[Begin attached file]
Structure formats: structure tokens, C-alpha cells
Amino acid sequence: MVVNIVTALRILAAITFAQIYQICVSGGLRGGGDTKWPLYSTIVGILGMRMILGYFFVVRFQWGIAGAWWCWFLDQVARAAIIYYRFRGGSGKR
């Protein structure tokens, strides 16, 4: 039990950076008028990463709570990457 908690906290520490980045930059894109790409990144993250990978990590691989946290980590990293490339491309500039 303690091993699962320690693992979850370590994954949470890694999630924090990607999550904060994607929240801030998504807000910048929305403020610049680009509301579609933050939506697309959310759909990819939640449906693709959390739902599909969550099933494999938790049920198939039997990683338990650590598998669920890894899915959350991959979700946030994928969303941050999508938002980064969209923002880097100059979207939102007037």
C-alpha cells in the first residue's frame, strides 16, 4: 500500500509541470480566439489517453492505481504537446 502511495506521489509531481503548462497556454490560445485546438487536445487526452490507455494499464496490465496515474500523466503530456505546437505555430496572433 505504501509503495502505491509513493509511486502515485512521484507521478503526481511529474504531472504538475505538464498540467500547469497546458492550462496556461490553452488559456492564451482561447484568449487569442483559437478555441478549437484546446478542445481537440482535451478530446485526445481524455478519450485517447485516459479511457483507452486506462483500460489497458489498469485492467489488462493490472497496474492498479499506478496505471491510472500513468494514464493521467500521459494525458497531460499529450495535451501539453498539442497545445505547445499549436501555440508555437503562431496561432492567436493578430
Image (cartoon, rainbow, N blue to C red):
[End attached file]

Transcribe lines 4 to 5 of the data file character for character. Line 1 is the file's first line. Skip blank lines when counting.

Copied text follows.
C-alpha cells in the first residue's frame, strides 16, 4: 500500500509541470480566439489517453492505481504537446 502511495506521489509531481503548462497556454490560445485546438487536445487526452490507455494499464496490465496515474500523466503530456505546437505555430496572433 505504501509503495502505491509513493509511486502515485512521484507521478503526481511529474504531472504538475505538464498540467500547469497546458492550462496556461490553452488559456492564451482561447484568449487569442483559437478555441478549437484546446478542445481537440482535451478530446485526445481524455478519450485517447485516459479511457483507452486506462483500460489497458489498469485492467489488462493490472497496474492498479499506478496505471491510472500513468494514464493521467500521459494525458497531460499529450495535451501539453498539442497545445505547445499549436501555440508555437503562431496561432492567436493578430
Image (cartoon, rainbow, N blue to C red):